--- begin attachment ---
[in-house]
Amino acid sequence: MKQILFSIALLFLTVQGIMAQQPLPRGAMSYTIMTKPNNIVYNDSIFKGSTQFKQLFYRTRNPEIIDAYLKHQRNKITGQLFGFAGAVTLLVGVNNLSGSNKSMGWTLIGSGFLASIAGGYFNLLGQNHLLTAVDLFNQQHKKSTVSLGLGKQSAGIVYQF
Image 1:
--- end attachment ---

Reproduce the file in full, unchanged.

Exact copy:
[in-house]
Amino acid sequence: MKQILFSIALLFLTVQGIMAQQPLPRGAMSYTIMTKPNNIVYNDSIFKGSTQFKQLFYRTRNPEIIDAYLKHQRNKITGQLFGFAGAVTLLVGVNNLSGSNKSMGWTLIGSGFLASIAGGYFNLLGQNHLLTAVDLFNQQHKKSTVSLGLGKQSAGIVYQF
Image 1: